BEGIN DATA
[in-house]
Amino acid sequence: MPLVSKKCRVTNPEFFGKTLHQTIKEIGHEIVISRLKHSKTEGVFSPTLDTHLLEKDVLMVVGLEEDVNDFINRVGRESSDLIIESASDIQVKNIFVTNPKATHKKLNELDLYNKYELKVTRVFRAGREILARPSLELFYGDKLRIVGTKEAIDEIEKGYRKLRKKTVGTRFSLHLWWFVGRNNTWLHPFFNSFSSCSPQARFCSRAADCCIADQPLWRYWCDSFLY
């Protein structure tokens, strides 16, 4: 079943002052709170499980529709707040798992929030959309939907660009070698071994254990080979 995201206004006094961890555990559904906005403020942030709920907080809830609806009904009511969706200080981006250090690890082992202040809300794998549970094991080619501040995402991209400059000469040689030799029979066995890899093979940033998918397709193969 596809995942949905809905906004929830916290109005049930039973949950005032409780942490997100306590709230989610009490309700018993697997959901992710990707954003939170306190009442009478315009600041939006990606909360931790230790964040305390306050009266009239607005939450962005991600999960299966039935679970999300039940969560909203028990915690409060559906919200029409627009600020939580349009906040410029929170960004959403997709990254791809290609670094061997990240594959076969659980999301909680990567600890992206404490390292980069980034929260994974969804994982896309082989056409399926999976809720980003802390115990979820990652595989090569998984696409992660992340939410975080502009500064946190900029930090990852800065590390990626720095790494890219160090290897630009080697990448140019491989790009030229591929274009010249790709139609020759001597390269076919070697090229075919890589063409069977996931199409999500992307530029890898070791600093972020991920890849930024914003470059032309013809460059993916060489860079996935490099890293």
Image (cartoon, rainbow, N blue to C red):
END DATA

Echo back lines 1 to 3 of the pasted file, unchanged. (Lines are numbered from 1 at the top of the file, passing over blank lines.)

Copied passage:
[in-house]
Amino acid sequence: MPLVSKKCRVTNPEFFGKTLHQTIKEIGHEIVISRLKHSKTEGVFSPTLDTHLLEKDVLMVVGLEEDVNDFINRVGRESSDLIIESASDIQVKNIFVTNPKATHKKLNELDLYNKYELKVTRVFRAGREILARPSLELFYGDKLRIVGTKEAIDEIEKGYRKLRKKTVGTRFSLHLWWFVGRNNTWLHPFFNSFSSCSPQARFCSRAADCCIADQPLWRYWCDSFLY
């Protein structure tokens, strides 16, 4: 079943002052709170499980529709707040798992929030959309939907660009070698071994254990080979 995201206004006094961890555990559904906005403020942030709920907080809830609806009904009511969706200080981006250090690890082992202040809300794998549970094991080619501040995402991209400059000469040689030799029979066995890899093979940033998918397709193969 596809995942949905809905906004929830916290109005049930039973949950005032409780942490997100306590709230989610009490309700018993697997959901992710990707954003939170306190009442009478315009600041939006990606909360931790230790964040305390306050009266009239607005939450962005991600999960299966039935679970999300039940969560909203028990915690409060559906919200029409627009600020939580349009906040410029929170960004959403997709990254791809290609670094061997990240594959076969659980999301909680990567600890992206404490390292980069980034929260994974969804994982896309082989056409399926999976809720980003802390115990979820990652595989090569998984696409992660992340939410975080502009500064946190900029930090990852800065590390990626720095790494890219160090290897630009080697990448140019491989790009030229591929274009010249790709139609020759001597390269076919070697090229075919890589063409069977996931199409999500992307530029890898070791600093972020991920890849930024914003470059032309013809460059993916060489860079996935490099890293």